Peat cores were collected along the Dalton Highway for the analysis of soil properties, 13C and percent of modern age, North Slope, Alaska 1989.

Abstract: 

Peat cores were collected along the Dalton Highway in 1989 and analysed for percent moisture, percent organic carbon, bulk densitey, del C-13, and radiocarbon content at varying depth intevals throughout the core. Samples were collected to the mineral zone and kept in cold storage until analysis. Samples were collected from 12 sites.

Project Keywords: 

Data set ID: 

10339

EML revision ID: 

3
Published on EDI/LTER Data Portal

Citation Suggestion: 

Schell, D. 1991. Peat cores were collected along the Dalton Highway for the analysis of soil properties, 13C and percent of modern age, North Slope, Alaska 1989. Environmental Data Initiative. http://dx.doi.org/10.6073/pasta/3ea4ba41db1236a5fea4a3f1cad8bea9
People
Dates

Date Range: 

Monday, May 1, 1989 to Friday, September 1, 1989

Publication Date: 

1991

Methods: 

Peat cores, approximately 15 cm diameter, were collected with a gasoline engine-driven SIPRE corer and long bladed nursery shovels. These were stored in plastic bags and refridgerated until processing.
The core was divided into three sections , one to be used for radiocarbon age, one for loss on ignition and del C-13, and the remainder to be kept for future needs. The sections were further divided into intervals of 2 cm for determination of the desired parameters.

Area and wet weight were measured prior to drying to a constant weight at 70 degrees Celsius. Dried samples were ground with a mortar and pestle and stored in glass vials. Dried material was combusted at 550 degrees C in tared crucibles for 6 hours for determination of loss-on-ignition. This value was converted to percent carbon using the regression found for arctic peates by Schell et al (1993). For each sample, percent carbon, bulk density and carbon standing stocks were calculated. Isotopic analysis was not performed on the Imnavait Creek watershed cores. For isotopic analysis 20 to 60 mg of peat was ground with 1.1 to 1.5 g of CuO per 30 mg of sample in a Wig-L-Bug dental amalgam mixer. The CuO sample mixture was then placed in a 5 cm by 6 mm quartz tube and inserted into a 30 cm by 9 mm quartz tube. To obtain sufficient quantities of nitrogen gas for anlaysis, 2 to 3 such tubes were processed for each sample. Tubes with samples were then dried for an additional 12 hours at 70 degrees C, evacuated wot < 1mTorr on a vacuum manifold and sealed with an oxygen-gas torch. The evacuated tubes were combusted in a muffle furnace at 870 degrees C for one hour and allowed to cool slowly for at least 12 hours.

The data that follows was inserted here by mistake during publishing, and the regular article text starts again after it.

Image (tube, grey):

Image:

Gases liberated by combustrion were separated and collected by cryogenic distillation on a vacuum manifold using the procedures described by Handley et al (1991). Briefely the sample were introduced into an evacuated line with a stainless steel tube cracker (Des Marais and Hayes, 1976). Carbon dioxide and water vapour were isolated by a liquid nitrogen cooled distilation loop and the remaining nitrogen was cleansed of any trace CO2 and H2O vapours by passage through a second liquid nitrogen cooled loop. N2 gas was compressed into a 15 cm by 6 mm borosilicate glass tube and sealed off with an oxygen-gas torch. Temperature of the CO2 trap was raised to about -80 deg. C and the CO2 sublimed from the trap. the CO2 was collected in glass tubes cooled with liquid N2 and sealed with a torch. Isotopic ratios of collected gasses were measured on a VG Isogas Sira-9 or a VG Series II dual inlet mass spectrometer.

Additional Files: Please see file "1989_SoilCore13C-15N" for isotope analyses from 4 sites (Oliktok Dock Road, Lowland Imnavait, Pump Station 3 and Happy Valley).

REFERENCE: